- The Washington Times - Wednesday, October 25, 2006

The protest over incoming Gallaudet University President Jane K. Fernandes became heated yesterday as school officials tried to reopen one of the gates that students had been blocking for more than two weeks and protesters tried to take over an administration building.

A large earth-mover scooped up tents that the protesters had set up near the Brentwood Road gate and the students’ belongings before it started to lift a fired-up grill which protesters had been using to stay warm. Metropolitan Police and the D.C. fire department were called.

Four students were injured during the confrontation.

Graduate student Brian Morrison, 23, of Fremont, Calif., said he was injuredwhen the steel gate was moved back and its wheels rolled over one of his toes.

“I was just standing there peacefully holding the gate with my arms and got injured doing so,” he told the Associated Press.

Others suffered bruises and their clothing was torn.

Trevor Baldwin, 20, a sophomore from Indiana said the situation happened “very, very fast.”

“They were throwing things at my tent … They were very physical,” he said, describing how officers pulled him off the metal gate.

Dexter Jones, 20, a sophomore from Florida, said he was standing next to a police car when an officer opened the door, bruising his leg and tearing his jeans.

“It became chaotic,” said freshman Sean Stone, 18, of Phoenix, adding that a truck backed up against him. “There was no warning. Now we feel we cannot trust the system.”

A D.C. police sergeant said authorities considered arresting some protesters.

Some injured students later met with lawyers.

“We definitely will pursue charges,” said Ryan Commerson, 30, a graduate student. “What happened this morning was appalling.”

Christopher Corrigan, 20, a junior who has been dubbed “mayor of tent city” at the Florida Avenue main entrance, said the students didn’t retaliate.

“We have proven this is not a safe environment,” he said.

He and other students emphasized that school officials promised to meet with protesters before reopening any other gates.

The confrontation at the Brentwood gate came after students and other protesters demanding Mrs. Fernandes’ resignation or removal occupied the school’s College Hall, an administration building, early yesterday morning. They left the building before school officials arrived. Campus security had to remove doors the protesters had locked.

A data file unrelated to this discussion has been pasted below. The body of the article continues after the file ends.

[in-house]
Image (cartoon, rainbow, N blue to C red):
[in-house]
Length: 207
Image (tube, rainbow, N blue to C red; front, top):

About 50 students left College Hall at about 4:30 a.m. There were no reports of damage.

Some students said the first floor of College Hall was taken over for about four hours to send a message to the Board of Trustees, which is set to meet Sunday to consider the protest and the selection of Mrs. Fernandes.

Mrs. Fernandes is to take over the presidency in January when outgoing President I. King Jordan steps down.

Students have protested Mrs. Fernandes’ appointment since the school’s Board of Trustees appointed her last spring.

The students say a lack of diversity among the candidates and Mrs. Fernandes’ unresponsiveness to their needs and concerns are among their major complaints.

At a meeting last night in the Student Academic Center, faculty and staff members encouraged the students to “always take the high road.”

“Our hearts are really breaking over this issue,” said Jeff Lewis, a faculty member.

He told students that faculty continue to teach because they do not want to violate their contracts and lose their jobs.

Mr. Lewis estimated that about 500 people attended the meeting.

Staff members asked students to be visible when members of the Board of Trustees arrive.

Faculty members also told students that they have a “major” law firm interested in advising the students legally on their First Amendment right of free speech but would not give more details.

The protests stopped during summer break but resumed this fall and included a student takeover Oct. 5 of Hall Memorial Building, where many classes are held. After bomb threats forced them from the building, they began blocking school entrances earlier this month.

A few days later, more than 100 student protesters were arrested after they were given several warnings to stop blocking a side entrance to the school, the country’s only liberal arts university for the deaf and hearing impaired.

Last week, a majority of the school’s faculty voted that Mrs. Fernandes should resign or be removed from the post.

Before a meeting last night, a group of students, alumni, faculty and staff said the takeover of College Hall and the confrontation at Brentwood gate will intensify the protest.

“We are protesting because the administration has made it so that is the only way that we can have a say about our future,” Mr. Commerson said.

• Michael Hunsberger contributed to this report.

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